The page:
Asheville Tea Party PAC auctions AR-15 rifle, handgun

The Asheville Tea Party, on the heels of its “Machine Gun Social” in September, is raffling off an AR-15 semi-automatic rifle.

“The patriotic Americans who brought you the ‘Machine Gun Social’ are pleased to announce the introduction to their brand new fund raiser – the ‘Great Gun Giveway.’

Liberal group's spending in 2012 campaigns reported

On Sunday, Dome reported some of the big corporate contributors to a national GOP group that helped finance N.C. Supreme Court Justice Paul Newby’s re-election.

On the other side of the ledger, the first post-election federal report from the North Carolina liberal umbrella group Common Sense Matters has also been filed.

It reports spending about $774,000 on about a dozen campaigns, including that of Newby’s challenger, appellate Judge Sam Ervin IV, mostly on direct mail.

Its last-minute contributors include the Teamster’s DRIVE Committee, which gave $40,000 total for the year; N.C. Futures Action Fund (Democratic activist Dean Debnam’s project), $295,000 total; the N.C. League of Conservation Voters, $80,000, and Planned Parenthood Action Fund, $21,000.

The Republican State Leadership Committee, which spent $13.3 million nationally, sent $1 million to the effort to re-elect Newby.

Newby to administer oath of office for Forest

Lt. Gov.-elect Dan Forest announced on Tuesday he will take the oath of office on Jan. 7 in a private ceremony.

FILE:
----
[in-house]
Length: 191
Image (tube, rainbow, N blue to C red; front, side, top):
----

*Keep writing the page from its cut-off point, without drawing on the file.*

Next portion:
Newly-elected Supreme Court Justice Paul Newby will administer the oath at noon in the Old Senate Chambers of the Capitol Building.

Forest will also participate in the public ceremonial swearing-in on the Capitol Square, on Jan. 12 at 11 a.m. with Gov.-elect Pat McCrory and the other members of the Council of State.

More about corporations that funded N.C.'s Supreme Court race for Newby

Federal campaign finance reports that came out this week provide a closer look at who the corporations were behind the national GOP group that pumped more than $1 million into one of the super PACs that backed state Supreme Court Justice Paul Newby’s re-election.

The Republican State Leadership Committee reports spending $13.3 million on campaigns around the country. It sent $1,165,000 million to Justice for All N.C., which in turn contributed heavily to the N.C. Judicial Coalition. Reports for those super PACs aren’t in yet.

Morning Roundup: Are you willing to you help payoff the nation's debt?

The nation's $16 trillion-plus debt has some Americans so worried that they've donated nearly $8 million outside of federal taxes - to help pay it off. Yes, it's less than a drop in the bucket, but every little bit helps, according to the Bureau of the Public Debt, which annually accepts such "gifts." Read the article here.

More political headlines you may have missed over the long weekend:

--State legislators say their upcoming proposal to deal with the unprecedented $2.8 billion unemployment insurance won’t eliminate the issue that has outraged the business community – the higher taxes being imposed on employers to pay down the debt.

Redistricting plaintiffs ask for Newby recusal

Democrats, the state NAACP, and other nonprofits who are suing over redistricting plans want Supreme Court Judge Paul Newby to recuse himself from participating in the case.

They filed a motion Wednesday saying that individuals and political groups with a direct stake in the outcome of the redistricting case spent heavily to support his re-election, and their support "had a significant and disproportionate influence in Justice Newby's victory."